HARARE – Outspoken former war veterans leader Jabulani Sibanda, yesterday addressed the MDC Renewal inaugural congress, inviting the opposition party to join hands with his People First political outfit in dislodging Zanu PF.
Mr Sibanda was expelled from Zanu PF after bluntly claiming that First Lady Grace Mugabe had carried out a “bedroom coup” on her 91-year-old husband, President Robert Mugabe and that power had effectively been transferred “sexually.”
Secretary for international relations for MDC Renewal, Gorden Moyo, introduced Sibanda as a representative of People First. Sibanda’s political outfit failed to come in the morning when other parties delivered their solidarity messages and left organisers guessing.
He eventually came around 5pm and sat in the auditorium before the MDC Renewal secretary-general Mr Tendai Biti, interrupted their programme to allow Mr Sibanda to give his solidarity message. Mr Sibanda urged the opposition parties to work together regardless of their language, origin and creed.
“I have been sent by my superiors to congratulate you. We need to work together. Unless if we come together we won’t go anywhere,” said Mr Sibanda.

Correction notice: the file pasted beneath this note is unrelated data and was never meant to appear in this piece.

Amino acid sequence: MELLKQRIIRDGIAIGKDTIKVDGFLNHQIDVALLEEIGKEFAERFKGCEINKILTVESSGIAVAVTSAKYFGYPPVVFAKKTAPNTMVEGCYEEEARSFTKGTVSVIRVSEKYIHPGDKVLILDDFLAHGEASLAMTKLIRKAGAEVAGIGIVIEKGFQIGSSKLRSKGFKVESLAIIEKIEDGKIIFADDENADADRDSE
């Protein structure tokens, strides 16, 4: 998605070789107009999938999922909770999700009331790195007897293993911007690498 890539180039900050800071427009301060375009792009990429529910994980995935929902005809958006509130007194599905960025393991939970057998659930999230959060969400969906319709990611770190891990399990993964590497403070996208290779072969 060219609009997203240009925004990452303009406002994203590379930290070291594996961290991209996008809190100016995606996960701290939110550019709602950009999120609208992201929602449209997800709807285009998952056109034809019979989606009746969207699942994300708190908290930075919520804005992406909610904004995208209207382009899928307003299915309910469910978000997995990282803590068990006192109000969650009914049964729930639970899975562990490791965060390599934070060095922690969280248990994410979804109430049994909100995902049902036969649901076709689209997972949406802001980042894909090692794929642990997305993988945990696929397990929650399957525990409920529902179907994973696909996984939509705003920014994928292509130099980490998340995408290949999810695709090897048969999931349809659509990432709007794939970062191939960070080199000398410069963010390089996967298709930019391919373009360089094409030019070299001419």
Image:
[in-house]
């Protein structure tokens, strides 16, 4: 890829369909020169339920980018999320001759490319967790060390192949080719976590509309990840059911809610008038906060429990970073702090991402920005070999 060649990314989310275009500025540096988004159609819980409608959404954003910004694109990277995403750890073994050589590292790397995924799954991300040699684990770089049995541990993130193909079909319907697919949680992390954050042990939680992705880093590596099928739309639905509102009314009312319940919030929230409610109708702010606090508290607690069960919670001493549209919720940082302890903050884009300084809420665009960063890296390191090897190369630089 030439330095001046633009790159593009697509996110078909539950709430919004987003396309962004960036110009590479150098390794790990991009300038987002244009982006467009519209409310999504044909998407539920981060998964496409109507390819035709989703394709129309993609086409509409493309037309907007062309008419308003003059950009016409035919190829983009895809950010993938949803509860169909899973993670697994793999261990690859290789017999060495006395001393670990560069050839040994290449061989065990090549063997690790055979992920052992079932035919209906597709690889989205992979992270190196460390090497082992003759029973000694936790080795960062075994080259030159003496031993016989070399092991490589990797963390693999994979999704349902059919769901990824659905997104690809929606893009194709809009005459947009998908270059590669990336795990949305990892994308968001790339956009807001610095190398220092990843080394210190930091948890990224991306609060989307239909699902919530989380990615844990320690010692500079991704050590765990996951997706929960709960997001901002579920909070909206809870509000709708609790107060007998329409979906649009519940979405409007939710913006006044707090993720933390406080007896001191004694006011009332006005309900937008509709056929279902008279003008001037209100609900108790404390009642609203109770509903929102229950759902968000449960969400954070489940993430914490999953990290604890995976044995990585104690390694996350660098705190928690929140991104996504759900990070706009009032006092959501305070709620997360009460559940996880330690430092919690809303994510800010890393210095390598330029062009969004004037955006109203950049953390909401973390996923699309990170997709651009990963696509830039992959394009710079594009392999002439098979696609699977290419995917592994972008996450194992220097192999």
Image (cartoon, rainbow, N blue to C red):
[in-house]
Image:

His speech was characterised by occasional reference to biblical scriptures.
“If you read the book of Isaiah, God is saying come and let us reason together. God created Earth and gave men to have dominion over all species. God does not want men to have dominion over other men. You have formed this party because you believe that every Zimbabwean has a right to choose a party.
“You believe that leaders must be servants of the people and not masters of the people,” said Mr Sibanda. He said he was fired from zanu-pf without being afforded a chance to make representations. “A person just decided kuti unemhosva and when that happens you become wrong not because you are wrong,” said Mr Sibanda.
He criticised the Government’s indigenisation process saying; “There is a difference between indigenisation and individualisation,” he said. He urged people not to stage demonstrations saying an opportunity to remove or retain governments existed through democratic elections after every five years in terms of the national Constitution.
“Never in any situation demonstrate. It is not good for you. Our Constitution allows you to remove or retain a government after every five years. Our responsibility is to mobilise people,” said Mr Sibanda to an applause from a handful of participants. Close to 300 delegates made it to the conference venue against the expected 7 000.